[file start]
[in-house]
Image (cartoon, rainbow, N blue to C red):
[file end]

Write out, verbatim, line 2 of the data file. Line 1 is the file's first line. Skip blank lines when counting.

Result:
Image (cartoon, rainbow, N blue to C red):